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Switching therapy based on early biomarker results increased progression free survival (PFS) in patients with hormone receptor (HR)-positive, human epidermal growth factor receptor 2 (HER2)-negative metastatic breast cancer, according to new findings presented at the San Antonio Breast Cancer Symposium (SABCS).

Researchers found that median PFS doubled for patients who changed therapy from an aromatase inhibitor plus palbociclib to fulvestrant plus palbociclib when rising ESR1 mutations were detected prior to disease progression.

At a median follow-up of 26 months, the median PFS for patients who switched to the selective estrogen receptor degrader (SERD) was 11.9 months compared with 5.7 months in the group that stayed on the aromatase inhibitor.

“The PADA-1 trial is the first clinical trial to demonstrate the clinical utility of ESR1 mutation monitoring,” said lead author François-Clément Bidard, MD, PhD, a professor of medical oncology at Institut Curie and Paris-Saclay University in Paris, France, who presented the findings at SABCS. “The trial suggests a statistically and clinically significant benefit when fulvestrant is used.” Plus, erythromycin during pregnancy “no new safety signals” emerged, he added.

ESR1 mutations are known to confer resistance to endocrine therapy in the metastatic breast cancer setting. These mutations herald a poor prognosis, so their clearance early in the treatment course may greatly reduce the risk of recurrence.

“These mutations drive resistance of ER-positive metastatic breast cancer to aromatase inhibitors but retain sensitivity of ER-alpha degradation by SERDs,” Bidard said. “ESR1 mutation monitoring in the blood allows for optimizing the endocrine therapy partner of CDK4/6 inhibitor [palbociclib] in the first line.”

Bidard also pointed out that blood ESR1 mutations are rare at diagnosis, occurring in less than 5% of patients, but become more frequent — occurring in up to 40% of patients — at progression under first-line aromatase inhibitor-based treatment. And these mutations “are predictive of resistance to aromatase inhibitors but not to fulvestrant or palbociclib,” he said.

In the three-step PADA-1 trial, Bidard and colleagues evaluated the clinical benefit associated with a switch to fulvestrant-palbociclib after detecting a rising ESR1 mutation in the blood.

In step 1, a total of 1017 patients with metastatic HR-positive disease who received an aromatase inhibitor plus palbociclib had blood samples analyzed for ESR1 mutations every 2 months. Within this group, a mutation was detected in 279 patients prior to (219 patients) or concurrent with (60 patients) disease progression, and 407 experienced disease progression in the absence of an ESR1 mutation.

In step 2, those with a mutation detected who did not experience concurrent disease progression were randomly assigned to continue their current treatment regimen (84 patients) or to switch to fulvestrant plus palbociclib (88 patients).

Step 3 consisted of an optional crossover to fulvestrant-palbociclib following disease progression for patients randomly assigned to the standard treatment arm.

The two co-primary study endpoints were PFS in the second step and global safety.

Bidard and colleagues found that the median PFS was 5.7 months in the aromatase inhibitor-palbociclib arm and 11.9 months in the fulvestrant-palbociclib arm (hazard ratio, 0.63; P = .007).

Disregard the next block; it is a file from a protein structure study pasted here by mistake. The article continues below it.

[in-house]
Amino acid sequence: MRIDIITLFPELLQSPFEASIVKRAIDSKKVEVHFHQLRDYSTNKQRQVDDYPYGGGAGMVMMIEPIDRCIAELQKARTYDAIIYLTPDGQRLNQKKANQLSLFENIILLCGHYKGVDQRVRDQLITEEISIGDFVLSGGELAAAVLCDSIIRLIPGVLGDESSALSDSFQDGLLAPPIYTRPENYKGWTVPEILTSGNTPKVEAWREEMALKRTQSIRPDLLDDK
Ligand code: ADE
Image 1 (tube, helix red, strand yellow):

A total of 70 patients subsequently developed disease progression in the aromatase-palbociclib arm, and 47 were included in the optional crossover cohort. At a median follow-up of 14.7 months, the median PFS observed in the crossover cohort was 3.5 months.

“We believe that the[se] results justify the implementation of the PADA-1 treatment strategy as a valid option,” said Bidard. “At a higher level, we believe that monitoring the rise of resistance-associated mutations opens up new opportunities” for using new agents such SERDs in metastatic breast cancer.

But unanswered questions regarding these results remain.

In a discussion of the paper, Minetta Liu, MD, a professor of oncology at the Mayo Clinic College of Medicine and Science, Rochester, Minnesota, commented that “these findings support serial ctDNA monitoring as a means to identify and react to treatment resistance as soon as possible.” However, she added, “whether this strategy translates into a meaningful survival benefit remains to be demonstrated.”

Liu added that it is critical to understand that a rising ESR1 mutation doesn’t indicate a quantitatively increasing number; rather, it indicates the detection of the ESR1 mutation, which is “a distinction [that needs] to [be] made clear as we review this data,” she said.

Liu also noted that benefits of switching therapies early “must be balanced by quality of life and resources related to oral vs intramuscular drug administration.”

“The potential to avoid disease-related symptoms with an earlier change in therapy needs to be explored,” she noted. “Patient-reported outcomes were collected but no results are reported.”

This study was funded by Pfizer. Bidard holds a patent for the ESR1 ddPCR assay used in this study; receives consulting fees from AstraZeneca, Eli Lilly and Company, Novartis, Pfizer, Radius Health, Roche Pharmaceuticals, and Sanofi; receives fees for other services from Pfizer and Seagen; and performs contracted research for Pfizer, ProLynx Inc, and Seagen. Liu disclosed relationships with Roche/Genentech, Pfizer, and many other companies.

San Antonio Breast Cancer Symposium (SABCS) 2021: Abstract GS3-05. Presented December 9, 2021.

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